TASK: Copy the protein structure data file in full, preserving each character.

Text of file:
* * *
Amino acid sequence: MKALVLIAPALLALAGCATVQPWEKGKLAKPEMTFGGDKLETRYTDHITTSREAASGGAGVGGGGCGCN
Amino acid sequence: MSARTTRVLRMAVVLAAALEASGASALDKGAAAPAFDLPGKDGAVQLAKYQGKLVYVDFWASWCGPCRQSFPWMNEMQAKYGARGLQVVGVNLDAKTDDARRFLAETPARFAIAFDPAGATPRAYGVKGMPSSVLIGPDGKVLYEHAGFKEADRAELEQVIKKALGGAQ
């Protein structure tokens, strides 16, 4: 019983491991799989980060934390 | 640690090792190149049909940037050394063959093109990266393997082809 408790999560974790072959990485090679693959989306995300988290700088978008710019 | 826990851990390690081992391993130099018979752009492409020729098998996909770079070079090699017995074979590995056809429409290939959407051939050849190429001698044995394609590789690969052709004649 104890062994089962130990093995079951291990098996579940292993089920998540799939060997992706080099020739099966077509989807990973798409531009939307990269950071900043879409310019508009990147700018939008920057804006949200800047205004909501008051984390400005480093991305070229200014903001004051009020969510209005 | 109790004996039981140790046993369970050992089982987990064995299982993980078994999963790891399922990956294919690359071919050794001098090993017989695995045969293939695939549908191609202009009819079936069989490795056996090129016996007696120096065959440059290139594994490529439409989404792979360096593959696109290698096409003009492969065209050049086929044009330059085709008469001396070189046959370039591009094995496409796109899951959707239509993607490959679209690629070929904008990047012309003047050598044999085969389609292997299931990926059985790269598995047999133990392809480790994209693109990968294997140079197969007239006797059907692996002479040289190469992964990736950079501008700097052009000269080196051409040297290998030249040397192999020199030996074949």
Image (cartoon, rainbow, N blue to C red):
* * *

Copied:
Amino acid sequence: MKALVLIAPALLALAGCATVQPWEKGKLAKPEMTFGGDKLETRYTDHITTSREAASGGAGVGGGGCGCN
Amino acid sequence: MSARTTRVLRMAVVLAAALEASGASALDKGAAAPAFDLPGKDGAVQLAKYQGKLVYVDFWASWCGPCRQSFPWMNEMQAKYGARGLQVVGVNLDAKTDDARRFLAETPARFAIAFDPAGATPRAYGVKGMPSSVLIGPDGKVLYEHAGFKEADRAELEQVIKKALGGAQ
């Protein structure tokens, strides 16, 4: 019983491991799989980060934390 | 640690090792190149049909940037050394063959093109990266393997082809 408790999560974790072959990485090679693959989306995300988290700088978008710019 | 826990851990390690081992391993130099018979752009492409020729098998996909770079070079090699017995074979590995056809429409290939959407051939050849190429001698044995394609590789690969052709004649 104890062994089962130990093995079951291990098996579940292993089920998540799939060997992706080099020739099966077509989807990973798409531009939307990269950071900043879409310019508009990147700018939008920057804006949200800047205004909501008051984390400005480093991305070229200014903001004051009020969510209005 | 109790004996039981140790046993369970050992089982987990064995299982993980078994999963790891399922990956294919690359071919050794001098090993017989695995045969293939695939549908191609202009009819079936069989490795056996090129016996007696120096065959440059290139594994490529439409989404792979360096593959696109290698096409003009492969065209050049086929044009330059085709008469001396070189046959370039591009094995496409796109899951959707239509993607490959679209690629070929904008990047012309003047050598044999085969389609292997299931990926059985790269598995047999133990392809480790994209693109990968294997140079197969007239006797059907692996002479040289190469992964990736950079501008700097052009000269080196051409040297290998030249040397192999020199030996074949």
Image (cartoon, rainbow, N blue to C red):